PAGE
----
Undergraduate Student Profile: Brian Kelly

Submitted by Web Communications on November 11, 2011

 

I was lucky enough to be chosen and I am very grateful to the Conlisks and the committee for this opportunity…

Brian Kelly ’12

Hometown: Limerick, Ireland

Program: Finance

Extracurricular: Men’s Soccer Club

Honors: Rev. John M. Conlisk Irish Scholar

For Brian Kelly, being awarded Fairfield University’s Rev. John M. Conlisk Irish Scholarship has been a great relief. It pays full tuition, room and board, as well as medical insurance expenses for the time it takes to complete a graduate degree at Fairfield’s Dolan School of Business.

A recent graduate of the University of Limerick in Ireland, Kelly was concerned about his job prospects in his native country where the unemployment rate has hovered at 14 percent. “Among my friends, one had to go to London for work, another just finished doing an internship in Luxembourg, and one is unemployed,” said Kelly, an M.S. in finance candidate.

Thanks to the Rev. Conlisk Scholarship, Kelly has the next 18 months spoken for. It is awarded each year to an M.B.A. or M.S. in finance candidate from Ireland. The scholarship typically covers about three semesters, since the students are attending full-time. The total grant generally amounts to between $40,000 and $50,000.

Kelly, 22, has hit the ground running at Fairfield, taking advantage of the Dolan School’s opportunities. He’s taking two courses in the cutting edge Business Education Simulation and Trading (BEST) Classroom, with an eye toward mastering the Bloomberg Terminals. The computers are not typical ones found in most business schools. They are loaded with special databases central to making stock purchases and trades. “I’m on the list to become Bloomberg Certified because I think it will set me apart,” he said.

Also on Kelly’s horizon is interning at an area financial institution via the University’s Curricular Practical Training program, and taking courses that will lead to advanced certification as a Chartered Financial Analyst (CFA). Meanwhile, he’s enjoying courses in financial modeling with Dr. Michael Tucker and portfolio investing with Dr.John McDermott, among others.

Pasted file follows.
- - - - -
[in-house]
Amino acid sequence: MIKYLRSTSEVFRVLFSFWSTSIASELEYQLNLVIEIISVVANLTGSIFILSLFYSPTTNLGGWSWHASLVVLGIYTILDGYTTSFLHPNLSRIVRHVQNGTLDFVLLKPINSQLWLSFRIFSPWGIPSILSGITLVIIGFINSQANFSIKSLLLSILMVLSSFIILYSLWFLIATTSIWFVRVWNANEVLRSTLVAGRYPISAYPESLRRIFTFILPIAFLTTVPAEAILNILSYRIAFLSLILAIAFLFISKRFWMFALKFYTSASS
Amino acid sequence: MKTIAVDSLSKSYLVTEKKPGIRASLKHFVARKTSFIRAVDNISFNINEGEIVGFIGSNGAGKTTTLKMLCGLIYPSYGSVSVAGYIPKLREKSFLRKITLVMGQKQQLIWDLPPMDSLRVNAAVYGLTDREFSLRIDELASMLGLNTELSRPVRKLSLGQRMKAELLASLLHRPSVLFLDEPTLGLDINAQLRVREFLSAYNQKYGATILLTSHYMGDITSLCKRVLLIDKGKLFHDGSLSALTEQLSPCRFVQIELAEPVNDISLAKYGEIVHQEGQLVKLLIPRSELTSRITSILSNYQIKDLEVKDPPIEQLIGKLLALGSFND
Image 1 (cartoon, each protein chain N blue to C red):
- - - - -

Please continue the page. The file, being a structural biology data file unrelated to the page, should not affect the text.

“I would really love to stay in the United States and work in front office investment banking,” he said, referring to departments responsible for sales and producing revenue. “A lot of the finance jobs in Ireland are middle office or back office.”

Interestingly, the Rev. John M. Conlisk Scholarship was founded about 20 years ago when the Irish economy was struggling. A group of Irish Americans led by Fairfield University trustee Kevin M. Conlisk ’66 believed a scholarship would give an Irish student an opportunity to make business contacts. The scholarship is named for Conlisk’s late brother, a 1954 Fairfield Prep graduate who served the Diocese of Bridgeport. Many of the scholarship committee members are first or second generation Americans. When their parents or grandparents arrived from Ireland, they wanted to see their children become educated. Not many years after the scholarship’s founding, Irish’s ‘Celtic Tiger’ roared, signaling in a time of great prosperity in Ireland. It came to a halt with the great recession.

“I was lucky enough to be chosen and I am very grateful to the Conlisks and the committee for this opportunity,” said Kelly, who was born in Dublin. “It will be helpful to have a great school like Fairfield on my resume.”

Kelly hopes for a job in New York City one day. When he was quite young, his family lived in nearby White Plains, N.Y. while his father worked for the Irish Trade Board. (In addition to his parents, now living in Limerick, he has an elder sister Dervla, a Ph.D. candidate in nanotechnology in Ireland.)
Internships with CME Group in London and RBC Dexia in Luxembourg affirmed that a life in finance was for him. “That pressure cooker situation? I thrive on it,” he stressed.

For now, Kelly is feeling right at home, enjoying extra curricular graduate student events and being a part of Fairfield’s Men’s Soccer Club. “Everyone is so warm and friendly at Fairfield,” he observed. “They hear the Irish accent and start talking. So many people are Irish. It’s great.”

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